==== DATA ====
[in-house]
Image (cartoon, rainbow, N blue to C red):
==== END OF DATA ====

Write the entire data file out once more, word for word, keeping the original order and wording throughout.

[in-house]
Image (cartoon, rainbow, N blue to C red):